Do we need practical research?

Published 11:04 am Thursday, September 10, 2015

According to Gizmodo, researchers at the California Institute of Technology (Caltech) have discovered the oldest, most distant galaxy ever detected by earthlings.

The scientists have dubbed the galaxy EGS8p7. That doesn’t sound very prosaic compared to the Crab Nebula or the Clouds of Magellan; but it beats letting Kanye West name it, or going with a mysterious anonymous suggestion (delivered by Secret Service agents) to name it Mount McKinley.

According to the researchers, light from EGS8p7 has been traveling for 13.2 billion years, which caused one scientist to exclaim, “Wow! Tom Bodett was right! Motel 6 really does leave a light on for you!”

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News reports are ebullient that the galaxy formed “only” 600 million years after the Big Bang. I know that gap sounds like a long time, but remember that it’s roughly comparable to the length of time you’ll have to wait for your ungrateful grandchildren to write you a “thank you” note for those birthday sweaters.

(Before I go any further, don’t shoot the messenger. Scientists and journalists rather blithely toss about these mind-boggling ages, with no respect for those with a more traditional view of Genesis. In fact, to add insult to injury, one chemist recently crowed, “For our next trick, we’re going to turn water into wine. Ouch! It’s counterintuitive, but we’ve learned that when you turn water into wine, it also produces lightning. Ouch! Ouch!”)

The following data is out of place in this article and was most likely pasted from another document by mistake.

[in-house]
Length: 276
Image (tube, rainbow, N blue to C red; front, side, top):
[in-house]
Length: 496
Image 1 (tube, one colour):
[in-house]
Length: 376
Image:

The articles I’ve read go into excruciating detail about how redshift and the Doppler Effect are used to gauge the distance and age of heavenly objects. We are fortunate that we have scientist fellers to figure out these things for us, because I quizzed my co-workers and the majority of them think you determine the age of a galaxy by cutting it in half and counting the rings.

Yes, most of us are lucky to recognize the Big Dipper and Orion’s Belt. Although, to be fair, my correspondent Chauncey also picked out Orion’s Vest and Orion’s Dancing Shoes and Orion’s Thong and…(It probably won’t surprise you that Chauncey was overjoyed by a certain recent Supreme Court decision.)

Caltech researchers bristled when citizens demanded practical, tangible applications for the years of research. They defended basic (versus applied) science, explaining, “Mankind is better off for the knowledge that physics has rules, for the knowledge that patience pays off, for the knowledge that our paychecks will continue as we search for EGS8p7’s older brother…”

There really are practical repercussions of the research project. For example, the discovery of EGS8p7 will have a tremendous impact on the pharmaceutical business. Because when the scientists keep gushing about “reionization,” “Lyman-alpha lines” and “impartial hydrogen atoms,” their partners are going to need a whole truckload of “little pink pills” to get in the mood.

Coincidentally, at around the same time scientists were confirming EGS8p7, researchers at the U.S. Department of Energy Brookhaven National Laboratory were producing tiny droplets of the primordial state of matter that existed in the split-seconds immediately following the Big Bang. Said one researcher, “My trendy roomie has been really annoying with his collection of vinyl records, so I had to find some way to out-retro him.”

I understand that the lab would’ve produced results with the building blocks of Creation even sooner; but some team members were holding out for the Chutes & Ladders of Creation or the Wooly Willy of Creation.


Danny Tyree welcomes email responses at and visits to his Facebook fan page “Tyree’s Tyrades”. Danny’s’ weekly column is distributed exclusively by Cagle Cartoons Inc. newspaper syndicate.